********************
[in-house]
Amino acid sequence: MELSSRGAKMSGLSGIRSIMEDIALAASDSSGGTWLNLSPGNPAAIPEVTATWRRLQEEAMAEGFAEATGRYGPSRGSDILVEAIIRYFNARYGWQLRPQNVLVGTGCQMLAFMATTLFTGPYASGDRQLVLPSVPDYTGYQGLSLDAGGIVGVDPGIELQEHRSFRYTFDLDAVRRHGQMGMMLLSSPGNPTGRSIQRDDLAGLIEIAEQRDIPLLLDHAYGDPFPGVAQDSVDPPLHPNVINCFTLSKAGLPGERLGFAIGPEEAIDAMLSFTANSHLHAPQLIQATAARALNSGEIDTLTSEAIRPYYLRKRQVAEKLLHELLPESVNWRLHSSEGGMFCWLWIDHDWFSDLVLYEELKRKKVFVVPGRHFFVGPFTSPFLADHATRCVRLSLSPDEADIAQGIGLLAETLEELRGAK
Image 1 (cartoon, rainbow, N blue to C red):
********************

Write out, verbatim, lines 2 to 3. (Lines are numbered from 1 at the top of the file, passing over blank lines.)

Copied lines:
Amino acid sequence: MELSSRGAKMSGLSGIRSIMEDIALAASDSSGGTWLNLSPGNPAAIPEVTATWRRLQEEAMAEGFAEATGRYGPSRGSDILVEAIIRYFNARYGWQLRPQNVLVGTGCQMLAFMATTLFTGPYASGDRQLVLPSVPDYTGYQGLSLDAGGIVGVDPGIELQEHRSFRYTFDLDAVRRHGQMGMMLLSSPGNPTGRSIQRDDLAGLIEIAEQRDIPLLLDHAYGDPFPGVAQDSVDPPLHPNVINCFTLSKAGLPGERLGFAIGPEEAIDAMLSFTANSHLHAPQLIQATAARALNSGEIDTLTSEAIRPYYLRKRQVAEKLLHELLPESVNWRLHSSEGGMFCWLWIDHDWFSDLVLYEELKRKKVFVVPGRHFFVGPFTSPFLADHATRCVRLSLSPDEADIAQGIGLLAETLEELRGAK
Image 1 (cartoon, rainbow, N blue to C red):